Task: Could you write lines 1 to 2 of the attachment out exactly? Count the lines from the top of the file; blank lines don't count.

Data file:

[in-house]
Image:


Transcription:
[in-house]
Image: